When I was 15 years old, I was snatched out of my bed at 5 AM in the morning by two strangers, put in the back of a car, and driven to the Academy at Ivy Ridge (AIR) in Ogdensburg, NY.
For the next two years, I experienced and was exposed to physical, emotional, psychological, and sexual abuse. I have been diagnosed with C-PTSD as a result, and many – if not all – of my relationships have been impacted to one degree or another by my experiences.
For two years, I was brainwashed into believing that my Dad had physically abused me (which had never happened in my life), that I had been addicted to drugs, that I was the reason my Mom got M.S., that my family would be better off without me, that I was going to wind up dead and that the program “saved” me.
On my first day I was forced to be strip-searched, do jumping jacks, squat, bend over & cough & pee into a cup – all in front of a male staff member. My first night I watched in complete silence (as we were not allowed to talk without permission for any reason, ever) as a girl started having a panic attack. She was screaming, saying she couldn’t breathe and began hyperventilating and sobbing. A female staff member grabbed her by the hair, pulled her to the ground, and then dragged her down the hallway and threw her into a cold shower. The rest of the girls sobbed in silence, powerless and unable to do anything.
I witnessed a girl lock herself in a closet and drink a bottle of bleach, desperately trying to escape the conditions in which we lived. I remember a girl throwing herself off the top of a staircase trying to end her life. I remember a girl undergoing a miscarriage and staff members denying her pain until she began bleeding so severely they had no choice but to take her to a hospital. I remember a girl being forced to urinate herself because staff members refused to let her use the bathroom. I remember the girl who was slut-shamed in front of a room full of people for “allowing” a family member to rape her when she was 5 years old and was told to “take accountability” for her actions. I remember forced stress positions for hours on end, only to be “restrained” by eager grown adults when the slightest movement occurred without permission. I remember alarms going off at odd hours in the morning to wake us up in a panic, to keep us sleep-deprived, keep us compliant. I remember falling asleep every night trapped in hopelessness, just to wake up trapped in fear.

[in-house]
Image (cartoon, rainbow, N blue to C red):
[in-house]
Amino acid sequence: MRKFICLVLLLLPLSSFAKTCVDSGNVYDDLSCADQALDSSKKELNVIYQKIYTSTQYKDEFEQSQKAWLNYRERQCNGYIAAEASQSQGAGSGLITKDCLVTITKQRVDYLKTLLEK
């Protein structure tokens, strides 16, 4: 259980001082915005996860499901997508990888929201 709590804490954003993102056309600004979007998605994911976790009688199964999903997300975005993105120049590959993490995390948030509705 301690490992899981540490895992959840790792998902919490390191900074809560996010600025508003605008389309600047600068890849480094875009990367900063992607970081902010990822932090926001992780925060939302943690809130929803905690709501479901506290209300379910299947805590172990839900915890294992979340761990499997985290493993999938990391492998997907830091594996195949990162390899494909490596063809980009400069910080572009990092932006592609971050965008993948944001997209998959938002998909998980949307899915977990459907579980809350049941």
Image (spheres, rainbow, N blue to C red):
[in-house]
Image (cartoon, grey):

I also remember the names, the faces, the smells, the laughs, the bodies of the staff members who physically, psychologically, sexually, and emotionally abused and tortured me for two years. Some stories I am not ready to tell. Most stories I have been unwilling to accept and have done my best to disassociate from. But the smell, the touch, and the presence of one staff member are particularly painful.
Through all of this – my parents didn’t know a thing. Staff members were coached into telling my parents – and everyone’s parents – that we were lying, deceitful, dishonest, and manipulative. Any attempt that we made to communicate that we were being abused or mistreated was quickly discounted by staff members, and parents had no choice but to believe them. After all, we had all “deserved” to be sent away in one way or another and we had all proven ourselves to be untrustworthy when we were home, why would they believe us now?
To go home, I had to tell my peers that they deserved to die, that they deserved any and all trauma they had experienced before the program. I had to believe and regurgitate stories about myself that were not true. I had to witness other students being abused and believe it was for their own good. I had to participate in the degradation of other girls – mocking their pain, betraying their trust, preventing their ability to go home sooner. I had to lie to my parents and convince them I was “cured”, that I recognized how horrible I was, that – if for any reason I betrayed their trust ever again – they could send me back to the program.
For over 2 years I was beaten down, picked apart, destroyed, and became a shell of who I was.
And then I had to pretend it didn’t happen. I had to pretend I deserved it. I had to pretend that other people who finally came forward about their experiences were lying. I had to pretend that the program “saved” me when in reality it gave me so many more problems, effects, and traumas than I could ever dream of. Many of my friends from the program ended up being addicted to drugs, alcoholics, in prison, estranged from loved ones. And some didn’t make it at all.
I do not blame my parents. They never could have known. The people they entrusted to take care of and help me lied to them too. Stole their money, abused their child. My parents firmly believed they were helping me. I cannot blame them or be angry with them for what happened as a result of my going to AIR.
This is only a brief synopsis of the horrors that occurred at the program. But the true horror is that places like this have existed for decades and still do exist. Stealing money, hurting kids, ruining families, and destroying lives.
As much as I am still ashamed to tell my story, it must be told. I am one of 50,000 children a year who go to these types of schools all across the country. I am not unique. I am a statistic.